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Testing for STDs Just Got Easier and Anonymous

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The Centers for Disease Control and Prevention estimated that there are approximately 19 million new sexually transmitted disease (STD) infections each year, which cost the U.S. health care system $16.4 billion annually and cost individuals even more in terms of acute and long-term health consequences.

STD incidence remains a growing problem among adolescents and young adults under the age of 25. According to an article authored by Meredith Cohn from the Baltimore Sun, “Up to half of sexually active young people will get [an STD] by the time they are 25, yet many don't seek testing because it may be difficult, costly or embarrassing.”

But the John Hopkins University in Baltimore is prepared with a solution to help teens get tested more easily, with anonymity, and ultimately to help young people prevent the spread of STDs.

Charlotte A. Gaydos, a professor of infectious diseases at John Hopkins University helped develop the program called "I Want the Kit," and its website, (iwantthekit.org), which now serves primarily teens and young adults in Maryland, Washington, West Virginia, parts of Illinois, and in Denver and Philadelphia.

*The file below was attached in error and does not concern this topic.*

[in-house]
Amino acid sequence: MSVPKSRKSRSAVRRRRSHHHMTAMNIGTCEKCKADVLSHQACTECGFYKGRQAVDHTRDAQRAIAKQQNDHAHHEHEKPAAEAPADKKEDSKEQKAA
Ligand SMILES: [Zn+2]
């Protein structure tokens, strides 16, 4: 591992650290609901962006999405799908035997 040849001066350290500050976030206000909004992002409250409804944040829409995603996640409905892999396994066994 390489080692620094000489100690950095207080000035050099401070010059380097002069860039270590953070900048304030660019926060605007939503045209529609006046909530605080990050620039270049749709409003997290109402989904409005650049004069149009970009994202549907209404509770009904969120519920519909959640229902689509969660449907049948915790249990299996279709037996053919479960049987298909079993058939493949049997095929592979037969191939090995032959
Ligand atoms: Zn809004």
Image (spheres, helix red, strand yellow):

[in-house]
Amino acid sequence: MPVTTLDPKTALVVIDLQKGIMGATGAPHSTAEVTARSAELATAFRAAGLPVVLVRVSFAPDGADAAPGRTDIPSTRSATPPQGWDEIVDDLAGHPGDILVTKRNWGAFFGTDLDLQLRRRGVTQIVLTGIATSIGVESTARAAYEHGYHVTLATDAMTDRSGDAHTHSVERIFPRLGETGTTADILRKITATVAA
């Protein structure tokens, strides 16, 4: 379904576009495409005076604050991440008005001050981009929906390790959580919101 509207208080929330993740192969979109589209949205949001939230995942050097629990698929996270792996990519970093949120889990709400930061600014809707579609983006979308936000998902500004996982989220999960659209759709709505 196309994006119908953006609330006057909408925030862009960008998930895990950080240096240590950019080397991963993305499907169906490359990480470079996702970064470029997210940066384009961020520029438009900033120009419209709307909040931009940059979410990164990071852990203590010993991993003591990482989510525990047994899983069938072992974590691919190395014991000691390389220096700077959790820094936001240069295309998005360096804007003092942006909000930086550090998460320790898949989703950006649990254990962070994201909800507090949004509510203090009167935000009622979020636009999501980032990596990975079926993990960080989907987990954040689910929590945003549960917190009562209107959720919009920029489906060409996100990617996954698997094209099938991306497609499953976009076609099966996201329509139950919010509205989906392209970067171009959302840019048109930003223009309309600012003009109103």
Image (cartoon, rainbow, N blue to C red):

The kit tests for the two of the most commonly spread STDs—gonorrhea and chlamydia—as well as trichomoniasis.

The kit can be obtained free of charge by making a request on the website. Kits are mailed in a plain envelope with a swab, questionnaire, information about STDs and consent form. Teenagers living at home with their parents can request the kit, knowing it won’t be coming in blatantly revealing, potentially compromising packaging.

John Hopkins University reported that about 43 percent who request the kits return them.

“Patients are given an identification number and passcode to get their results by phone in two weeks. Appointments are made in a local clinic of the patient's choice for those who test positive — up to 13 percent depending on the gender and STD. About 3,500 young people, half under the age of 23, have gotten tests from the site, some more than once,” Cohn wrote.

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We value and respect our HERWriters' experiences, but everyone is different. Many of our writers are speaking from personal experience, and what's worked for them may not work for you. Their articles are not a substitute for medical advice, although we hope you can gain knowledge from their insight.

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